Section 6. Strengthening Development and Sales Efforts in the Japanese Market
Item 1. Structural Changes in the Japanese Automotive Market
Recession following the collapse of the bubble economy
In the 1990s, the bubble economy in Japan burst, triggering financial uncertainty, the bankruptcy of many corporations including major financial institutions, a worsening employment situation, and political turmoil, resulting in a long-lasting recession nationwide. Subsequently, the domestic new-car market (including minivehicles), which had stagnated following the collapse of the bubble economy, began to recover and continued to grow year-over-year during a three-year period beginning in 1994. However, triggered by the April 1997 increase in the consumption tax from three percent to five percent, overall consumption cooled rapidly, causing the new car market to begin shrinking again that year.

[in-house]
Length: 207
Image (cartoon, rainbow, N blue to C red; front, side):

The increase in the consumption tax pushed the recovering Japanese economy into serious retreat once again, and signs of deflation accompanied by falling prices began to appear. In February 1999, the Bank of Japan had adopted a zero interest rate policy in an effort to pull the Japanese economy out of deflation, but suspended this policy in August 2000. Worsened by the collapse of the IT bubble, which occurred around the same time, deflation continued until 2002.